As some parliamentarians are pushing ahead with plans to repeal the legislation banning female genital mutilation/cutting (FGM), women’s rights activist Sainabou Drammeh called on Gambian authorities to stick to engagements they endorsed at local and international levels.
Struggling to contain her emotions, women’s rights campaigner Sainabou Drammeh told JollofNews she won’t even get into an argument with them.
“I will not even try to condemn them or say what they are doing is wrong,” she voiced out with a breaking voice.
Over these past weeks, there has been a heated debate about a traditional practice seen by many observers as being harmful to women and the girl child. Despite FGM banning, many communities are still upholding the practice in catimini.
“As a person with a lived experience, I can say for a fact that the implications and consequences might not be the same for everyone but there is evidence that shows that FGM is negatively impacting victims,” she told JollofNews.
As a FGM survivor, Babou Drammeh is a mental health specialist and one of the leading voices, defending women’s rights in the tiny West African nation.
She decried the fact that children continue to undergo FGM without their assent, leaving them with a trauma that would haunt them throughout their life.
In her element, she confided to JollofNews that the mental health implications for the girl child are disturbing.
“As a survivor, I am still living with those memories,” she said as her eyes are inundated with tears. “For every other little girl who has gone through this, research’s have shown they will face post traumatic disorder symptoms during their life.”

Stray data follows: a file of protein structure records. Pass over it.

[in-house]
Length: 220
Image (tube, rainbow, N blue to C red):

Plunging into her ordeal, she said that “children are grabbed and forced to undergo FGM without any aesthetic.”
In the National Policy for the Elimination of Female Genital Mutilation (2022-2026), the Minister of Gender, Children and Social Welfare Fatou Kinteh has made it clear, in the way forward, that FGM “is a deeply rooted cultural practice that has caused immense and psychological harm to countless women and girls around the world.”
She then added: “Let us stand united in our commitment to protect the rights, dignity and well-being of every woman and girl, and to create a society where gender equally prevails. Together, we can eradicate FGM and build a future that is just, inclusive and empowering for all.”
Another Bell Sound
In spite of government commitment to eradicate the cultural practice, two parliamentarians recently took centre stage in trying to gain support to their initiative to revoke the legislation outlawing FGM.
The National Assembly member for Central Badibu, Sulayman Saho, recently told the august gathering that “the practice has both cultural and religious dimensions, and has been practiced since time in memorial, handing down from one generation to another.”
He further stated that since the criminalization of FGM, ” the practice existed in secret and no more characterized by cultural display of songs, dance and traditional dress.”
Backing up his opinion, Saho went on to say that the country’s 1997 fundamental law “clearly spelt out right to practice one culture and religion.”
In what have been seen as an attempt to rally the support of other parliamentarians, Saho said that dialogue is needed “on this matter rather than arresting our mothers and sisters to be arraigned before the court.”
“This is creating discord among those who practiced it as culture and religion. To my opinion it should be a matter of choice rather than banning the act because of fundings being received from the West,” he added.
As the debate is raging, the country’s Islamic body came to their rescue and announced in a statement obtained by JollofNews that the practice is in line with Islamic
In their news dispatch highlighting their position on the controversial issue, the Gambia Supreme Islamic Council (GSIC) took a swipe at the courts for “sentencing three women to fines of D15,000 each in default to serve one in prison for female circumcision.”
“The Gambia Supreme Islamic Council confirms that female circumcision is a precept of Islam,” GSIC said unequivocally.
Taking reference to some Islamic schools of thoughts, the council stated that a good number of scholars “have agreed that circumcision for men and women is a legitimate practice in Islam.”
However, GSIC reminded Gambians that “there is disagreement among scholars as to whether it is obligatory.”